Last week I wrote about Professor Duckworth’s research on grit and its importance to success (True Grit: What does it take to be Successful). Grit, in her definition, has two components. One is an almost single-minded focus on achieving your objectives. It is not done with simply a desire to getting things done but, rather, a true desire and passion to make things happen (compelling passion). It is also a willingness to get up, brush one’s self off and keep going even after apparent failure. What I wish to do in this blog is to ask you to think about leaders who have demonstrated a compelling passion to make things happen and one who was willing to recover from apparent failure.
Last week Lynn and I attended the 2014 MHEDA Conference in Orlando, Florida. For everyone who doesn’t know MHEDA stands for Material Handling Equipment Distributors Association. Many of our material handling clients are members of the association and we always like to attend a couple of their events a year.
Every year at our client conference we give out awards. They focus on the best in divisions, the best overall, the most improvement from the previous year, and a smattering of goofy ones that make our clients laugh. But we were missing something, the ability for our clients to tell their customers about their improvements.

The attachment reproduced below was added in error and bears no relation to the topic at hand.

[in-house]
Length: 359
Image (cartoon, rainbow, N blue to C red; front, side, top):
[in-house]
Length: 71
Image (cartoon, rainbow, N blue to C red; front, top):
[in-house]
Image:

In several recent posts, we have talked about the importance of consistency in customer service. While running the risk of spending too much time on the importance of consistency, I want to return to the topic one more time. This time, I will add a few statistics that reinforce the value of consistency.
Last week, I had the privilege of being a part of AGCO Corporation’s annual dealer meeting in Denver, Colorado. I had the chance to make presentations on the new customer service survey process we are implementing for AGCO and to talk more broadly about why customer service matters more than ever. At one point in the presentation, I asked participants to share recent personal service experiences, both positive and negative.